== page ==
- My new e-bike, one week old mini review
A week ago I got a Specialized Turbo e-bike… http://singletrackworld.com/forum/topic/its-new-bike-day
I’ve now ridden 350km on it (plus another 100km on my fixie) and went a whole week without using my car. I’m really liking it so far. It’s doing exactly what I wanted it to do which is to make draggy hills & headwinds easier on my commute which it turn will allow me to ride to work most days (~90km round trip) rather than using my car most days.
I’m still getting plenty of exercise – anything over 25kph and there is no motor assistance so on the flat I am working quite hard (especially as the bike weighs approx 52lb + pannier). Uphill it lets me soft pedal at 24ish kph which leaves me far fresher at the end of the commute.
Range – I generally have about 30% charge left after 90km which I’m more than happy with. Charge time is excellent (approx 2.5hrs)
So far it’s definitely been a success. Will have to see how it goes through the winter 🙂Posted 2 years agoleffeboySubscriber
Got to be tempted to get it de-restricted (or whatever the word is to get it fasterer)..
I understand the desire but I’m hoping that it gets difficult to do otherwise they may not be considered as bicycles and we might just get treated as other motorised traffic. I think they sound brilliant as every year the max length of ride I can manage gets shorter but this week fix thatPosted 2 years ago
Simon, is this a UK bike or one of the faster US models? And how much climbing in your commute as well as time for the commute on a normal bike vs the e-bike. Interested in this.
It’s a UK one so restricted to assistance up to 25kph.
There’s not a huge amount of climbing on my commute but after a day at work any draggy hill is energy sapping and it’s more uphill on the way home than it is on the way in.
Timewise it takes about the same on a normal bike as it does on the e-bike (1hr45m steady away) I can go a fair bit faster if I work really hard on a normal bike but then I’m too knackered to ride home so is pointless!Posted 2 years agoMalvern RiderMember
Sounds awesome, hope you write some more will be watching with interest. I prefer not to use a car 99% of the time, for any number of reasons, and would rather use a number of bicycles. Yet regular errands/trips across coastal valleys, A-road avoidance detours, mad hills etc – soon gets soul/knee/lung/destroying let alone time-prohibitive. Long-range e-assist is definitely planned for when funds allow and the Specialized is on the shortlist so really appreciate the review 😀
More power to your car-free life 💡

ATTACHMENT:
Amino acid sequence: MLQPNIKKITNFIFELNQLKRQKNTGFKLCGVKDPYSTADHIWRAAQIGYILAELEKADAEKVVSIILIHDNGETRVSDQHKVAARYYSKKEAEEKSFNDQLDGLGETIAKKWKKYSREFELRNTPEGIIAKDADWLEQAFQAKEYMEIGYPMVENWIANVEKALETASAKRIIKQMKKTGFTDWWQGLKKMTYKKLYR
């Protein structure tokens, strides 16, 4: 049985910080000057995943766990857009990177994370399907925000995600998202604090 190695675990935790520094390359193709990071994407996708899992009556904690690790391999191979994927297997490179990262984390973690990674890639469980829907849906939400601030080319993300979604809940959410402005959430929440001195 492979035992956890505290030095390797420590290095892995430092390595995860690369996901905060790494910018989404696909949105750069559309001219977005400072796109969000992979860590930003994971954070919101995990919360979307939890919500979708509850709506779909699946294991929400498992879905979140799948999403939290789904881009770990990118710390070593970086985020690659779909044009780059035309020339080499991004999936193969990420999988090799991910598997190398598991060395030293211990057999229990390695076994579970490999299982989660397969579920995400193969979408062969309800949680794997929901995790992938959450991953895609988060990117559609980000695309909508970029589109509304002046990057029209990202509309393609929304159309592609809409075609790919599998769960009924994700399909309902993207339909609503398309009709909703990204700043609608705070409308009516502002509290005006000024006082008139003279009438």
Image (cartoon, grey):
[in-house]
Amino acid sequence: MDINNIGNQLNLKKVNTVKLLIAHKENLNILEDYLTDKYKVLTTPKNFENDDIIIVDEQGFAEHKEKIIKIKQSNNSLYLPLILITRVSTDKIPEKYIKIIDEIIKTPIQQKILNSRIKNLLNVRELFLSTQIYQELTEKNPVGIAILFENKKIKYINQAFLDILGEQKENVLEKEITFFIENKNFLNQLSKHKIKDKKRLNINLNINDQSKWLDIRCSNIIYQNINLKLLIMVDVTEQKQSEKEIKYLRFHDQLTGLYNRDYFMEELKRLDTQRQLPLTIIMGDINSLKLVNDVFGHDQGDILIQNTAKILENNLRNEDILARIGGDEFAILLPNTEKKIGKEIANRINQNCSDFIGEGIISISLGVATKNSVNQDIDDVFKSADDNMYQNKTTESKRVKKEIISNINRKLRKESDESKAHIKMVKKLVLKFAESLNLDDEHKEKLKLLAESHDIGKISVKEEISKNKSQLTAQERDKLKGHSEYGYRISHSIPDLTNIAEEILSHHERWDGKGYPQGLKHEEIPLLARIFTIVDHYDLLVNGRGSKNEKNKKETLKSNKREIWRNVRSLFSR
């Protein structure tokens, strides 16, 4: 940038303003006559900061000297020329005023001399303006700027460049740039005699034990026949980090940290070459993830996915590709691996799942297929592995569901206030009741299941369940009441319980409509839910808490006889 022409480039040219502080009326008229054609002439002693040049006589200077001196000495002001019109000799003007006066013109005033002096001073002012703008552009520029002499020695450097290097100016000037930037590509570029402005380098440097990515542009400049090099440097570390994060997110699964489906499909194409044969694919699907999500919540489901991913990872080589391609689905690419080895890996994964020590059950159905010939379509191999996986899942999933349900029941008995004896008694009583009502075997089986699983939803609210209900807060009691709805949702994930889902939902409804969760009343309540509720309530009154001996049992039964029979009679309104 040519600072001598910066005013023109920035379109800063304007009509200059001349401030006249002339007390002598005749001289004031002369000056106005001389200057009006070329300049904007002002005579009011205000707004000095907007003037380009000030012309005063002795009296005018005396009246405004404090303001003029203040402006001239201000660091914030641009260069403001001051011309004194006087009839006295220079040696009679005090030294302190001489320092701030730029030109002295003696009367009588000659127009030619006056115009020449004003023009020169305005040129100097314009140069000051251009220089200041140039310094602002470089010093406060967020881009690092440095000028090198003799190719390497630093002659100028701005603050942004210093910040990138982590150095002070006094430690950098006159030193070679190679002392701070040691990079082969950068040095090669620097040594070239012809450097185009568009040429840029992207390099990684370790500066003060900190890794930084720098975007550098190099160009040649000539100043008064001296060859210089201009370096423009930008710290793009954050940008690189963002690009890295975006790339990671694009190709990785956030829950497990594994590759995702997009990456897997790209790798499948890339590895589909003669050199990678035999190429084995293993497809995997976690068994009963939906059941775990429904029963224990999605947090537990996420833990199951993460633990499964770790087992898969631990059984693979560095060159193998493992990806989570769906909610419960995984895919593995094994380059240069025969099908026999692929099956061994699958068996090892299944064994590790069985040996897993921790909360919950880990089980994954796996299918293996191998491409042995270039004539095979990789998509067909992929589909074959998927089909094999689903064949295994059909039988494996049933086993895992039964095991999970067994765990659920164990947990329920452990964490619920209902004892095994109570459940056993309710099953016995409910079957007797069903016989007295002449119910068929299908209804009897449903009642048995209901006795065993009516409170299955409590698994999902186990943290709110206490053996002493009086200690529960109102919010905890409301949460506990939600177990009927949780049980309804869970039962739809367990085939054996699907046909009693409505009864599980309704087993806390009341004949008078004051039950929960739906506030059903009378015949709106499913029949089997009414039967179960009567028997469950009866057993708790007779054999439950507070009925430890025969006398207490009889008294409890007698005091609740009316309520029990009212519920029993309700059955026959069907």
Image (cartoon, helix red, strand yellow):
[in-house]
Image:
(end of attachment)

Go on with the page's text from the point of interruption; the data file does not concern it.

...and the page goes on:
*Edit. You’ll get plenty of jibes from petrolheads who sling their 3k bike in the car and transport it to trails on Sundays 😉Posted 2 years ago
Interesting. I think it’s a brilliant use of an electric bike, might see if the local spec concept store has a demo. Reason I asked about time is that my commute via bike is 28 miles so roughly similar. Might have a gander at my strava and see where I drop below 15mph and how significantly below I am.
I also think the 45km/h limit is fair, seems to work in Switzerland where I understand they are growing in popularity. It’s not like it’s that hard to get up to 30 mph in a lot of places on a road bike anyway and they really would become very viable commute tools for a lot of people.Posted 2 years ago
It’s not like it’s that hard to get up to 30 mph in a lot of places on a road bike anyway and they really would become very viable commute tools for a lot of people.
I’d challenge that! On the downy bits or on flat bit with a mamil onboard pretending to be Cavendish (for about 100 yards) maybe but consistent 30mph is dreamland for 99.9% of folk that swing their leg over a pushbike. 30mph is moped territory and they already exist. Also, for 30mph to be useful for commuting you would have to be doing it consistently – can you imagine the size of the battery!Posted 2 years ago
Hmm fair point. But how do these spec bikes work if you derestrict them as they’re 45km/h in the U.S. arent they? My thinking was that on places where you’d be rolling along at 18 on a road bike you could easily get along at 25-30 with the same effort on a de-restricted e-bike.
Think there is a Swiss brand called stormer that is 45km/h with decent range. Doesn’t look quite as much like a normal bike as the spec but it’s not too bad.Posted 2 years ago
Why the mention of mopeds? Last time I checked you didn’t need to pedal them to make them go.
You talking about me?
I’m very much pro ebikes, but ones (like yours and all those sold in the UK) that go push bike speeds – being able to go uphill at 30pmh is not push bike speeds. If that’s what you want to do a moped is probably the better tool as the pedalling element would be largely irrelevant.Posted 2 years ago
but ones (like yours and all those sold in the UK) that go push bike speeds
Well mine is a fair chunk slower than me working hard on a road bike. I can ride my commute in a smidge over 1hr20m on my Tarmac (25mins faster than I can manage on my e-bike), would be nice if my e-bike allowed me to do that. I have no interest in doing 30mph uphill but the motor cutting out at 30-35kph rather than 25kph would make my commute a little bit nicer.Posted 2 years agotonSubscriber
i always found myself struggling to keep up with my riding pals, whilst on the flat. they were probably tapping 17 mph out, and my kalkhoff cut out at 15 mph, i did not have the health or fitness to keep up then.Posted 2 years ago
uphill was a different matter, as was downhill with a combines weight of 26 stones.
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